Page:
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Young stars benefit from Capello's qualities

All hail Don Fabio.

In ending Croatia's impregnability in Zagreb, England put in a performance unmatched since Munich in 2001. In doing so Fabio Capello's team settled English scores past and gave an apathetic nation a sense of belief, not only in their team, but also its capability to get the best out of young talent. Prior to the World Cup qualifier, Croatia coach Slaven Bilic had spoken of his fear that Capello had the class as a coach to upset the odds, remembering he had done just that when an understrength AC Milan team destroyed Barcelona's 'Dream Team' in the 1994 European Cup Final. Bilic obviously knows his football history. His Croatian team, whose qualities and Indian sign over England made them the fifth-ranked team in the world, were put to the sword in a fashion very similar to Barca on that fabled Athens night.

Bilic's charges were never able to settle as Capello's pressing football, adapted for the more prosaic English style, once again yielded results when it most mattered, while also giving his best and most creative players the chance to shine.

It seems almost strange to have the chance to hail a great England footballing performance. Not since Euro 2004 and the blossoming of Wayne Rooney has the England fan been able to enjoy their team's spirit, enterprise and winning mentality. After such a long wait, Zagreb gave them just that chance.

In Theo Walcott, England may have a star to match that Rooney vintage of four years ago. And at the ripe old age of 22, they still have Rooney, who some have recently been writing off as a lost talent. He is found, having played his best game for his country since that broken foot in Portugal ended England's hopes. Rooney pulled the strings in a fashion that most had expected from Luka Modric.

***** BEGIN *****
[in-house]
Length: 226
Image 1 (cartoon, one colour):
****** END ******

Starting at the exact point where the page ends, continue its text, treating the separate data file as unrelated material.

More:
Modric and team-mates were never granted space and time by England's organised midfield. For the headlining pair to profit required the structure of an England team set up to deny a Croatian use of angles that twice humiliated Steve McClaren's team.

Not for Capello the negativity and stupidity of 3-5-2. The Italian knows that the English game is at its best when played at a tempo that does not allow the opposition to compose themselves. Thus did he set out his stall in an old-style 4-4-2 formation that gave his team a solidity not at all reminiscent of the friendlies with which he began his reign.

Walcott's first goal came fortuitously, being perhaps the Arsenal teenager's first touch that showed any sort of control of a football. He had previously looked nervous but his team-mates had clearly been told by Capello to make use of his pace. Walcott's presence, and that of Joe Cole, gave overlapping full-backs Corluka and Pranjic little chance to attack down the flanks and add support to the Croat midfield and forwards. Once Walcott had his chance, he took it. His confidence, and that of his team-mates, flowed from there.

Rooney took longer to settle into the game, his best first-half work coming as the auxiliary defender that many have criticised him for being far too regularly. Once Robert Kovac had been rightly given marching orders, Rooney was able to take the rightful place of playing off the excellent Emile Heskey.

Within ten minutes of Kovac's crude elbow on Cole, Rooney had put the game beyond Croatia by first setting up Walcott for a doppleganger second and then scoring a goal of his own, the result of team-play built on burgeoning confidence. His finish was vintage Rooney - the 2004 kind. Has Capello has found the answer to the Rooney riddle too?

We shall see. For the moment, and with such a win, Capello is able to make us forget those turgid friendlies as anything but training exercises and bury the over-the-top reactions to a functional yet valuable 2-0 win over Andorra.

Yet while the media and fans may get carried away, it is all but assured that Capello will not be doing so. He is made - and paid - to win vital matches. The signs are there that he can make his players believe they are too.


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